Horned Sculpin - FishyAF Species # 4

Horned sculpin, also known as Myoxocephalus scorpius, are a type of fish found in the Atlantic and Pacific Ocean, as well as in the Arctic and Baltic Sea. They are characterized by their elongated, spiny bodies, which are typically a mottled brown or green color. Horned sculpin have large, spiny fins and a distinctive, horn-like protrusion on the top of their head, which gives them their name.

Horned sculpin are typically found in cold, coastal waters, where they feed on small fish and invertebrates. They are bottom-dwelling fish and are often found in areas with rocky or sandy bottoms. The average length and weight of a horned sculpin can vary depending on their location and age, but they typically grow to be about 10 inches long and weigh around 1 pound.

Fishing for horned sculpin typically involves using a variety of techniques, including bottom fishing, jigging, and casting. Bottom fishing is a popular technique, as it allows anglers to target the sculpin where they are most commonly found. Jigging and casting can also be effective, particularly when the fish are feeding near the surface.

Some of the best places to catch horned sculpin include the coasts of Maine, Massachusetts, and California. These areas are known for their abundant populations of horned sculpin and provide anglers with excellent opportunities to catch these tasty fish.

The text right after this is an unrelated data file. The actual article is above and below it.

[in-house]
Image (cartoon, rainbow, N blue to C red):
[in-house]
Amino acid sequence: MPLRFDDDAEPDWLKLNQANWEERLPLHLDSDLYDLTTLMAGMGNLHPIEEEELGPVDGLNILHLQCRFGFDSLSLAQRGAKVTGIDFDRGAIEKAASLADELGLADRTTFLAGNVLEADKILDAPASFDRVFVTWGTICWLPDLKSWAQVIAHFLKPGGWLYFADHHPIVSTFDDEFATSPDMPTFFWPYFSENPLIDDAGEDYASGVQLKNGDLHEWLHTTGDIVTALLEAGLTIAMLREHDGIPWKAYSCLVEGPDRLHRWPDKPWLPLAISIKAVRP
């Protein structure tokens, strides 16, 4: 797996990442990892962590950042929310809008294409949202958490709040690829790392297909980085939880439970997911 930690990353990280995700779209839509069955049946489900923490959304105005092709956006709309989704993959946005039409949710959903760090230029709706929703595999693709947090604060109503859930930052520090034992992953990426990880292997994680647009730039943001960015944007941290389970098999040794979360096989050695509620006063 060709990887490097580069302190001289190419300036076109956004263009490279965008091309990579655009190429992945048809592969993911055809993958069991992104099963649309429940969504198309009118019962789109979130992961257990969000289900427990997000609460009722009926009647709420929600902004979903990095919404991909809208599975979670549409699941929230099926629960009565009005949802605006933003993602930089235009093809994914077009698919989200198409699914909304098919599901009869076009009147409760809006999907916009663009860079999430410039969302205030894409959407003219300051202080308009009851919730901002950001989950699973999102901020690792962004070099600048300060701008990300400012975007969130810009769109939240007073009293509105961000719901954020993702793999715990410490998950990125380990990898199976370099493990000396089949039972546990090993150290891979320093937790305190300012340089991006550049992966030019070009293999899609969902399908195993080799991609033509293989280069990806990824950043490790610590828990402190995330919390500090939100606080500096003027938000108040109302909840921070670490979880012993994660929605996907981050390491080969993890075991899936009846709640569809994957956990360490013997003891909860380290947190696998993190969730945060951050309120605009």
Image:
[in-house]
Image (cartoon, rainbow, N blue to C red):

There are many delicious ways to cook horned sculpin, but two popular options include frying and baking. To fry horned sculpin, simply season the fish and coat it in flour, egg, and breadcrumbs. Fry in hot oil until the fish is golden brown and crispy, about 4-5 minutes per side. To bake horned sculpin, season the fish and place it in a greased baking dish. Bake at 400 degrees Fahrenheit for about 10-15 minutes, or until the fish is cooked through.

The world record horned sculpin was caught off the coast of Maine in 1985 by angler William H. Neff. The fish weighed in at an impressive 2 pounds and 13 ounces, and was over 15 inches long. This record remains unbroken to this date.

For more information on horned sculpin, visit the Wikipedia page: https://en.wikipedia.org/wiki/Horned_sculpin.